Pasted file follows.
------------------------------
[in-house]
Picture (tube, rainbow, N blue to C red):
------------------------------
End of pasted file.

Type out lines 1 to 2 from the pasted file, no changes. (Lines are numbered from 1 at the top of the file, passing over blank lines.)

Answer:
[in-house]
Picture (tube, rainbow, N blue to C red):